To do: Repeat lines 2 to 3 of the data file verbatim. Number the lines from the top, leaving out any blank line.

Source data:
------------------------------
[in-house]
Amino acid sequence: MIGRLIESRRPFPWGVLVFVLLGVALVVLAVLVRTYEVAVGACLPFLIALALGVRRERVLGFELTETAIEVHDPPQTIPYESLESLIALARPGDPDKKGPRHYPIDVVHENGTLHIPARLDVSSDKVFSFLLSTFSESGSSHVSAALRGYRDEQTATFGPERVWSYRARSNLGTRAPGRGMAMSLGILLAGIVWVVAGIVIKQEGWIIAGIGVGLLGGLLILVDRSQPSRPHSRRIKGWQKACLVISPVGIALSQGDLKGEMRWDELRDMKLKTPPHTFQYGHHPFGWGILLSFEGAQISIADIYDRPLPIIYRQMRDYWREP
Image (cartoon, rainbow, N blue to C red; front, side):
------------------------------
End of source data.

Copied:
Amino acid sequence: MIGRLIESRRPFPWGVLVFVLLGVALVVLAVLVRTYEVAVGACLPFLIALALGVRRERVLGFELTETAIEVHDPPQTIPYESLESLIALARPGDPDKKGPRHYPIDVVHENGTLHIPARLDVSSDKVFSFLLSTFSESGSSHVSAALRGYRDEQTATFGPERVWSYRARSNLGTRAPGRGMAMSLGILLAGIVWVVAGIVIKQEGWIIAGIGVGLLGGLLILVDRSQPSRPHSRRIKGWQKACLVISPVGIALSQGDLKGEMRWDELRDMKLKTPPHTFQYGHHPFGWGILLSFEGAQISIADIYDRPLPIIYRQMRDYWREP
Image (cartoon, rainbow, N blue to C red; front, side):